The School for Lies makes Moliere a delight

John Middleton and Kate Guentzel

John Middleton and Kate Guentzel

David Ives is a playwright who isn't afraid of a challenge. He built his reputation on All in the Timing, which brought together six off-the-beaten-path short plays for a single evening of theater. He tackled the infamous 19th-century piece of pornography (and Velvet Underground song-inspiring tome) Venus in Fur, which had a terrific run last winter at the Jungle Theater.

Now you can catch his singular wit — as seen through the filter of caustic French playwright Molière — in Park Square Theatre's excellent production of The School for Lies, playing through February 2. The production sports a strong cast and bridges satire and serious drama. It's tied together by excellent scene and costume design and thoughtful direction from Amy Rummenie.

Ives faced a number of challenges with this adaptation of Molière's The Misanthrope, not least of which were the rhyming couplets employed throughout the original. Ives dives into these, using anything at hand — classic turns of phrase, vulgar language, and even a bit of message-board speak — to keep the rhymes going. Ives has also played with the story a bit, providing characters with slightly different, hidden motivations than those of the original play. This gives the ending a sweeter tone, without shortchanging the verbal fireworks or the pokes and prods at society.

And there are pokes and prods aplenty. The play satirizes upper-class life in 17th-century Paris, which isn't all that different from contemporary life in America. The idle folks gossip endlessly about their enemies and their so-called friends, while putting up a false, happy front whenever those people are present. Widower Celimene (Kate Guentzel) has gone too far and is facing a suit for slander. That in itself isn't all that rare — it appears that everyone in this gossipy society spends time in court for slander of some sort.

Into this situation walks Frank (John Middleton), who stands in complete contrast to the rest of the characters. He is decked out all in black and is going to tell the truth, no matter the consequences. When faced with a horrid love poem from one of Celimene's suitors, he calls it what it is — total garbage — and ends up sued before the court as well.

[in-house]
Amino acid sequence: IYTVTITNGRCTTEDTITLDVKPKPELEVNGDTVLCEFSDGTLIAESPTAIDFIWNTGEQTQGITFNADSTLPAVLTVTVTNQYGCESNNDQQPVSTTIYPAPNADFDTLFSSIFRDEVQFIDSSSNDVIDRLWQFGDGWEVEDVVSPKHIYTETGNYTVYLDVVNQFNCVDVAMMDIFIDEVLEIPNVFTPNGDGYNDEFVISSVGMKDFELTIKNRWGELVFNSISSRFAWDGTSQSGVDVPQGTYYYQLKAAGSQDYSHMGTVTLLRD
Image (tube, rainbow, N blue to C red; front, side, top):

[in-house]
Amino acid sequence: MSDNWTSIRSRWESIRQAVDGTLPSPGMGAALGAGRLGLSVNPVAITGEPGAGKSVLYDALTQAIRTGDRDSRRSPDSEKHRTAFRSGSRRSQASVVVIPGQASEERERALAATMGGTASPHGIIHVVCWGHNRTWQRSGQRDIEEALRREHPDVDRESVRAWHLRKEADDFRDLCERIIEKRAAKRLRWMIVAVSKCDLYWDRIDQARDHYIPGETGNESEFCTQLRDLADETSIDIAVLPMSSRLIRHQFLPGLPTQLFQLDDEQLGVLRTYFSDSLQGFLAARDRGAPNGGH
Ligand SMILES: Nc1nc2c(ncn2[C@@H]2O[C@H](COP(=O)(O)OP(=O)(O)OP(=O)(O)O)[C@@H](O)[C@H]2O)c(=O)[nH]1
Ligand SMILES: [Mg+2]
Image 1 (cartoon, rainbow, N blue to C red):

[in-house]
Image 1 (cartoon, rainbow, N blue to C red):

Soon, a simple but massive lie — that Frank is a prince in disguise — sets up a flurry of actions and counter-actions among the various factions. As in any good farce, the plot would collapse if anyone stopped long enough to tell the truth, but there's only one character ready to do that, and he has his own reasons for holding his tongue until the end.

Ives mines the various situations for all the humor he can, via deft wordplay or more physical means, and the actors are prepared for both. Guentzel and Middleton provide real sharpness. Neither character is willing to give in to romance, even as it starts to bud around them, which gives their scenes plenty of delightful friction that sparks some theatrical heat. They have a strong group of actors and characters to play against, from Anna Hickey as cousin Eliante, who falls for Frank, to Andrea Wollenberg as rival Arsinoe, who appears to know how to handle Frank and his misanthropic ways. The play also has its own three stooges in David Beukema, Brandon Bruce, and John Catron, who play Celimene's suitors with mincing glee. Decked out like 17th-century glam rockers, they have less than a single brain to share among them, and the actors relish this.

The production is gorgeous, from Robin McIntyre's elegant set to Susan E. Mickey's exaggerated costumes and David Hermann's massive wigs. Rummenie keeps the pace tight, but never so fast that it is hard to follow, which is important when we have actors rhyming at every turn.